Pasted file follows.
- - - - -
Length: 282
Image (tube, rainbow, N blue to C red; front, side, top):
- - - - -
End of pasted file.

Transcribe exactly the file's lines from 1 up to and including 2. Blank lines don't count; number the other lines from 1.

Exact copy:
Length: 282
Image (tube, rainbow, N blue to C red; front, side, top):